Excerpt from Valley 101: A Slightly Skewed Guide to Living in Arizona, a collection of Clay Thompson’s columns for The Arizona Republic. (Originally published September 17, 2000.)
Q: Why is it against the law to grow morning glories in Arizona?
A: It is? Uh-oh. Excuse us. We have to dash home for a few minutes.
Yes, indeed, it is against Arizona law to grow morning glories. As far as we know, no one has ever been sent up for this offense, nor have there ever been, that we are aware of, turf struggles between elements of the criminal underclass vying to control the morning glory trade.
Nonetheless, it turns out that beneath its happy, colorful flowers beat the roots of a really nasty plant. According to Ed Northam, noxious-weed manager for the state Department of Agriculture, morning glories are “very aggressive, very invasive and very competitive.” In this, they remind us of our masters.
Turned loose in a field of cotton or some other crop,morning glories “can get so dense and thick that it can be very difficult or even impossible to harvest the crop,” Northam said. They can turn into a “tangled mass of hundreds and hundreds of vines in a square yard.”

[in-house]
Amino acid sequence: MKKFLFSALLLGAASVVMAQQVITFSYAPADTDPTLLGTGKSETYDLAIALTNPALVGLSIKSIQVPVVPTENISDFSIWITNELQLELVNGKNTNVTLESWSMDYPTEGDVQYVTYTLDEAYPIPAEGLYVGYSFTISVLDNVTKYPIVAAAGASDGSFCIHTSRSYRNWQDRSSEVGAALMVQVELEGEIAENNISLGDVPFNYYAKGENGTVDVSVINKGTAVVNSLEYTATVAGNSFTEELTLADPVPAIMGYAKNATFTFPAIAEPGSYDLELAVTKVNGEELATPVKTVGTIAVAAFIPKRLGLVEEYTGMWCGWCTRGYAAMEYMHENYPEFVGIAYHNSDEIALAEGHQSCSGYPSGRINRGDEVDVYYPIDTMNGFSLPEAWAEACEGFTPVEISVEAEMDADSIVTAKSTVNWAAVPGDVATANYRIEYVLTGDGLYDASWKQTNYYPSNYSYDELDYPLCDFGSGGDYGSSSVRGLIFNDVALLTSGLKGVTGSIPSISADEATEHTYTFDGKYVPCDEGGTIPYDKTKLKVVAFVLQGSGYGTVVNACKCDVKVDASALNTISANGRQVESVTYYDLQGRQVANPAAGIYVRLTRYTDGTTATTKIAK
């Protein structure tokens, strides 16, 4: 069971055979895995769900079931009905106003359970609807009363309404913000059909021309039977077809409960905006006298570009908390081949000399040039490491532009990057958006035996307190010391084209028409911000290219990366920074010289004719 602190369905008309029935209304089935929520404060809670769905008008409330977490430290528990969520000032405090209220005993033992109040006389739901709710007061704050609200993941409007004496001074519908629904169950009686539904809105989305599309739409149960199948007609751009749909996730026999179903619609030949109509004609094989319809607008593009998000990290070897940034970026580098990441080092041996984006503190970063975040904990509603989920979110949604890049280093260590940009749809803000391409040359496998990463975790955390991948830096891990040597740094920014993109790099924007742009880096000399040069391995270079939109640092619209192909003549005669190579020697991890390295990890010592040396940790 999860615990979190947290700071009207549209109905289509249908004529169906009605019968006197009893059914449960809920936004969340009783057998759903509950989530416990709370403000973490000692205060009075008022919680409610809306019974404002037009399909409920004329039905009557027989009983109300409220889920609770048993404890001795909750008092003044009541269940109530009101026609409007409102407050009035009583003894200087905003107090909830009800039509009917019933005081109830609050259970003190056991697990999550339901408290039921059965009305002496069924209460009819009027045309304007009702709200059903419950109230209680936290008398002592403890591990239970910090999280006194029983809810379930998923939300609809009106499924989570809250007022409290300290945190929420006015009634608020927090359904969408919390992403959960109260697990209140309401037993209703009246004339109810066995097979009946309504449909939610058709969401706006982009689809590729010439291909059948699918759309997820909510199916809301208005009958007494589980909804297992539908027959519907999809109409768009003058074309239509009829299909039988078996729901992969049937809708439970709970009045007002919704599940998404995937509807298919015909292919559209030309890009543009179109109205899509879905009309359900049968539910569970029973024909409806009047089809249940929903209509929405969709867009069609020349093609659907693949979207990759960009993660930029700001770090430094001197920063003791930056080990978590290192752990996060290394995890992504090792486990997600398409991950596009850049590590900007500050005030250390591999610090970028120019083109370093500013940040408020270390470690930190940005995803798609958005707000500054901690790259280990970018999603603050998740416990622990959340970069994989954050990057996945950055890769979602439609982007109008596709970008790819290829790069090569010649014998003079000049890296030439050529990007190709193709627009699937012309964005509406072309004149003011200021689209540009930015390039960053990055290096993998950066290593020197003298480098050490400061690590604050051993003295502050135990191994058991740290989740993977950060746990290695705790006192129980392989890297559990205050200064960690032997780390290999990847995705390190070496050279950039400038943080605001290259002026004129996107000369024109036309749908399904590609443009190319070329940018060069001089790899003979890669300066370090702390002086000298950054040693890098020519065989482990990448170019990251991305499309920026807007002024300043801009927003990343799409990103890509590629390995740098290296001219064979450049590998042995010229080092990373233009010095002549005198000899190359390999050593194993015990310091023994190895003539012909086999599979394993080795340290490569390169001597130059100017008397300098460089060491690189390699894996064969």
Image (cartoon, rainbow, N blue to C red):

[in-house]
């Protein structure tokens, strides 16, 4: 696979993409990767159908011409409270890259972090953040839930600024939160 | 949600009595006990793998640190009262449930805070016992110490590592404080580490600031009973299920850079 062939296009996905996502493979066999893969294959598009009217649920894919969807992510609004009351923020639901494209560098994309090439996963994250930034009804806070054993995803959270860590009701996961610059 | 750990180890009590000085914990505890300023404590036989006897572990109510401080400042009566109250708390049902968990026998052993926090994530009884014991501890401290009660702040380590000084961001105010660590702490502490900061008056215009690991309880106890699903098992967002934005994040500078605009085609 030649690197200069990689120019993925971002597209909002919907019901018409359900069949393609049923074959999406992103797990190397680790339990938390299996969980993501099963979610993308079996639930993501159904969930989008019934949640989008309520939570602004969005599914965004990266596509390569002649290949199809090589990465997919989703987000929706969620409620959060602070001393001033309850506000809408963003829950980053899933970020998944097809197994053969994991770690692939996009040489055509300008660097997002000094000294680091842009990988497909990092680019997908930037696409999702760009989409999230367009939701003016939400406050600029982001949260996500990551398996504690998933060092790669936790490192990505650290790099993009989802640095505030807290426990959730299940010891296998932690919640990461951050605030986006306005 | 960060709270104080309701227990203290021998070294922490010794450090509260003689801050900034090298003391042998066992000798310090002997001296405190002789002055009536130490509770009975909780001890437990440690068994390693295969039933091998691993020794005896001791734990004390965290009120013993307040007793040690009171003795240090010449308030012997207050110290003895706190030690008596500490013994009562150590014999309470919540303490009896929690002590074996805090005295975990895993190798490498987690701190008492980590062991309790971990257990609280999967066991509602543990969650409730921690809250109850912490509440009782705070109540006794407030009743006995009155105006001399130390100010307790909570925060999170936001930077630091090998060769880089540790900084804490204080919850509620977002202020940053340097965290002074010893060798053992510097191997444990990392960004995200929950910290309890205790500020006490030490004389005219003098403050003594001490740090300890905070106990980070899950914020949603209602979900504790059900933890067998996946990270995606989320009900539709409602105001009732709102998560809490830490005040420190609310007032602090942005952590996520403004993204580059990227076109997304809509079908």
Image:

There are a few native species of morning glory that are legal to grow in Arizona, but Northam said if you see a packet of morning glory seeds in a store or nursery, chances are pretty good that they are a banned variety. Inspectors are always checking for this and other banned plants, but some are bound to get through.
If his crews do find a patch of morning glories, Northam said, they work with the landowner to have them removed. If necessary, the state can have the growth killed off and bill the landowner for the work.